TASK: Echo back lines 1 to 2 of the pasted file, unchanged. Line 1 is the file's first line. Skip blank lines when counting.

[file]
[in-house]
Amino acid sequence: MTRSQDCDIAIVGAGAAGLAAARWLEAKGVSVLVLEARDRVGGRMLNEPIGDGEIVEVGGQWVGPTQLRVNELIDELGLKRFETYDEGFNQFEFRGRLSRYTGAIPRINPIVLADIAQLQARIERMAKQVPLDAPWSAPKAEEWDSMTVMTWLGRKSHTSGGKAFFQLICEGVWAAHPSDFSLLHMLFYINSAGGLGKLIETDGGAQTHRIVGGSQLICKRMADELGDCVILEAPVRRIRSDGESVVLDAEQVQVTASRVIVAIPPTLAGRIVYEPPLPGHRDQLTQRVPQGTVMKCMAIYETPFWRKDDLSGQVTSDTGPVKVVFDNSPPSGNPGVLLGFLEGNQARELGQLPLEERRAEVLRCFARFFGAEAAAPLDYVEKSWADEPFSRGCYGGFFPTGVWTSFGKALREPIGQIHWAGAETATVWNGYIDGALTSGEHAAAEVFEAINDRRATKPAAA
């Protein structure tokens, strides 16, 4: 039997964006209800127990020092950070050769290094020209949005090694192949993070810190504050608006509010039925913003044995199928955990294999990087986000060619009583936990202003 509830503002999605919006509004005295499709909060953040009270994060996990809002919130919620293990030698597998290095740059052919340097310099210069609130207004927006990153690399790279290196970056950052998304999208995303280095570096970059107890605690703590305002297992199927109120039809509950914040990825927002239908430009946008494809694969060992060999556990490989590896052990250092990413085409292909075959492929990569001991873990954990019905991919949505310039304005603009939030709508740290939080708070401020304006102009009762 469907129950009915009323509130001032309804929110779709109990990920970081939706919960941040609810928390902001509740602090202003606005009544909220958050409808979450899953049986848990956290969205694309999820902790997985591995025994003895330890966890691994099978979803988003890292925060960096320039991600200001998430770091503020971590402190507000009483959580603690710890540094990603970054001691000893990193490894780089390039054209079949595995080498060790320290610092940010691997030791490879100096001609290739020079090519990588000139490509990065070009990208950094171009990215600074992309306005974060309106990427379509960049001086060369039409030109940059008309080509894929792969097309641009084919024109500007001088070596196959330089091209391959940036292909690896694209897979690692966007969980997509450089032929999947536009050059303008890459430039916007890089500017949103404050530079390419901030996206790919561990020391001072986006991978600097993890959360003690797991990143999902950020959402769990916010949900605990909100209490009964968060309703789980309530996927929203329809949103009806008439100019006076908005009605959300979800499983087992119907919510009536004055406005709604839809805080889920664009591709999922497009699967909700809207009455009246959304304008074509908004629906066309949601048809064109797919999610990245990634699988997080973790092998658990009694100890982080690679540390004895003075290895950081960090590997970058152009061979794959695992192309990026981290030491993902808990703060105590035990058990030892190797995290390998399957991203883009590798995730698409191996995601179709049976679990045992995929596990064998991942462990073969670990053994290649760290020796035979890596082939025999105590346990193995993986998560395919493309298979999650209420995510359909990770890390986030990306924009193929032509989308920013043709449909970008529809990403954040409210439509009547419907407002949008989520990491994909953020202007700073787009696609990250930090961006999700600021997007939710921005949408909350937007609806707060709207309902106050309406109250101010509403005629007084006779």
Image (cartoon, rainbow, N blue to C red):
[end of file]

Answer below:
[in-house]
Amino acid sequence: MTRSQDCDIAIVGAGAAGLAAARWLEAKGVSVLVLEARDRVGGRMLNEPIGDGEIVEVGGQWVGPTQLRVNELIDELGLKRFETYDEGFNQFEFRGRLSRYTGAIPRINPIVLADIAQLQARIERMAKQVPLDAPWSAPKAEEWDSMTVMTWLGRKSHTSGGKAFFQLICEGVWAAHPSDFSLLHMLFYINSAGGLGKLIETDGGAQTHRIVGGSQLICKRMADELGDCVILEAPVRRIRSDGESVVLDAEQVQVTASRVIVAIPPTLAGRIVYEPPLPGHRDQLTQRVPQGTVMKCMAIYETPFWRKDDLSGQVTSDTGPVKVVFDNSPPSGNPGVLLGFLEGNQARELGQLPLEERRAEVLRCFARFFGAEAAAPLDYVEKSWADEPFSRGCYGGFFPTGVWTSFGKALREPIGQIHWAGAETATVWNGYIDGALTSGEHAAAEVFEAINDRRATKPAAA